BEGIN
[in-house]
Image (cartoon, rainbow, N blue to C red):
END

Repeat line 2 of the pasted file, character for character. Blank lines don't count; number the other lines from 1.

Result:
Image (cartoon, rainbow, N blue to C red):